May 7, 2011 at 5:06pm

      It wasn't so long ago that a shop-keeper was arrested for dealing with a shop-lifter by making a citizen's arrest. He had to defend himself in court. These officers commited a far worse infraction than the shop-keeper and aren't charged at all; it fact it appears as if there's been an attempt at a complete whitewash of the whole thing.
      One of the officers, Cpl. Ben Robinson is to stand trial for being involved in a crash that killed a 21yr old in 2008.

      Greg Klein

      May 7, 2011 at 5:13pm

      This article is the type of thing that’s sorely missing from our mainstream media. The Sun’s Ian Mulgrew did criticize Peck’s delay two days before the story broke, quite possibly prompting Friday’s leak and the AG’s 5 p.m. press release. Mulgrew also noted that Peck had defended the Criminal Justice Branch at the Frank Paul inquiry while he was also retained to review the Dziekanski case. (However Mulgrew didn’t mention the above-noted fact that Peck has represented the Office of the Police Complaint Commissioner.) But I haven’t seen such a thorough review and analysis, or such tough questions, about police accountability issues outside the Straight.

      The B.C. government is supposedly about to implement Thomas Braidwood’s recommendations for an Independent Investigation Office, which would conduct civilian investigations into allegations of serious police misconduct. The government has already announced the possibility of putting the IIO under the police complaint commissioner’s jursidiction, instead of the Ombudsperson’s jurisdiction as Braidwood recommended. That’s one of a number of reasons why I think the goverment will thwart Braidwood’s intentions.

      Meanwhile the mainstream media ignore the issue, except for a few compliant reporters at the Times Colonist and Vancouver Courier, who’ve written stories from the OPCC point of view.


      May 7, 2011 at 5:40pm

      "To lie, stonewall and cover-up".

      The official motto of the RCMP.

      Ken Lawson

      May 7, 2011 at 5:57pm

      I watched Penner on Voice of BC there is absolutely no reason why those in Criminal Justice Branch cannot be fired this is the second bungling on their part. Penner clean house these people are not worth the pay and half do not know what their doing, pure and simple incompetance whatelse can you say of them


      May 7, 2011 at 11:34pm

      there is one justice for us folks and always a different one for rcmp,they get away with murder........

      dave jones

      May 7, 2011 at 11:39pm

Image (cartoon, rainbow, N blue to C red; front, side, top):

I'm not surprised. Police get off on assault charges if there's even the slightest reason for them to believe force was justified. In this case I think they had been told Dziekanski had been throwing things around before they arrived at the scene. As for something like manslaughter I don't think there's any reason to even suspect the officers meant to harm Dziekanski or could have known their actions would kill him. It's a shame nothing will be done about the subsequent investigation into his death. Surely prosecutors and other police officers must have seen that the four RCMP members' account of what happened did not correspond with what was on the video. If they didn't see the discrepancies it would be good to know why not.

      Coach Dobbs

      May 8, 2011 at 11:00am

      This matter just gets worse. Firstly there is no argument that this was a case of a cruel, unwarranted and unprovoked attack on a confused, helpless shoot first, think later. If it had been security personnel instead of police they would have long since been fired and criminally charged, no question.
      It exposes the reluctance of prosecutors to charge police because of the relationship they have and the obvious efforts to protect police at all costs.
      Equally disgusting however, is the fact that the RCMP don't even have the guts to deal properly with these guys and fire them, even after they displayed total incompetancy in being unable to recall the basics of training. Instead, they have since been promoted.
      So remember that whenever you call the RCMP there is a pretty good chance that the member who arrives to assist has probably come from the same incompetant gene pool.


      May 8, 2011 at 12:22pm

      In other words, one group of lawyers is sticking up for another group of lawyers, and everything is being blamed on a few cops, not the whole system. Got it.

      John Harvey

      May 8, 2011 at 6:52pm

      Gregg Klein as usual is spot on.again. Somehow Gregg my true evidence comments have not News and Views commentary been shown here.

      David Wilson

      May 8, 2011 at 7:39pm

      it's ok to kill and innocent man in public, but it's not ok to lie about it? doh!?